Election 2011: Mana Party does tiki tour to show up poor 'parasites'

By Yvonne Tahana

John Minto said shops selling cheap alcohol expose their young people to anti-social behaviour. Photo / Paul Estcourt
John Minto said shops selling cheap alcohol expose their young people to anti-social behaviour. Photo / Paul Estcourt

It started at a bottle shop in South Auckland where it was difficult to squeeze past crates of Woodstock bourbon. It moved to a pokie bar and a lender's business.

The Mana Party's "parasites on poverty" tour - an extension of leader Hone Harawira's war on poverty - highlighted what he said were major hits on poor people's lives.

List candidates John Minto and Sue Bradford stood outside the Manukau liquor store they said was an example of the many of the small owner-operator premises which easily target youth with cheap ready-to-drink brands.

Blue Lagoon, a 3-litre, 9 per cent offering sold in the store particularly ticked off Mr Minto.

"This is the beer barons coming on the back of the binge drinking culture. I'm not saying they started it but they're certainly exploiting it.

"It makes parents' jobs far more difficult and it exposes these teenagers to all kinds of anti-social behaviour," he said.

"These communities in South Auckland want to get rid of these stores, that's what they've been telling us. The Government needs to give communities the power to control the number of these stores."

In the afternoon at the Otara shopping centre Ms Bradford headed into the TAB. Two pokie bars were close by. These machines feed the addictions of those who can least afford it, she said.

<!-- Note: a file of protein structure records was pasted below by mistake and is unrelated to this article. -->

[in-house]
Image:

The TAB was full but it's a place where every player is alone. Patrons don't talk to each other. One 25-year-old, who did not wish to be identified, said she knew people who were in dire straits because of playing the pokies. Still, she wouldn't support any ban.

"Maybe cut down the number of them but not ban them totally. It's up to the person to be sensible and not go overboard. You've got to be responsible for your own actions, you can't blame it on the machines."

Last stop was in Otahuhu at a lender's business. More legislation to cap interest rates would go a long way to addressing the harm caused by spiralling fees and default fines in families, Mr Minto said.

The owner, Johnson Funaki, wasn't in. But from Tonga he said he was shocked the Mana party had labelled him a parasite. Real loan sharks operate out of "garages, caravans and backdoors" and threaten Pacific Island families. Church leaders who take from their members are worse than he is, he said.

"The difference between the church and me is the church won't give them money."

He provides a service. Pacific Island families needed an agency to educate them about financial matters, he said.

The combined effect of pokies, loan sharks and bottle store were disastrous for poor communities, and they shouldn't be left to wallow, Mr Minto said.

"It's an incredibly difficult life. People survive on their relationships rather than their income. People will think 'well, it's their own bloody fault, why would you borrow money to pay the power bill?' These people are on the minimum wage, they do not have secure jobs.

"They're struggling week to week. It's just not right when you have to borrow money regularly to pay your power or pay for the groceries - it's appalling."

- NZ Herald

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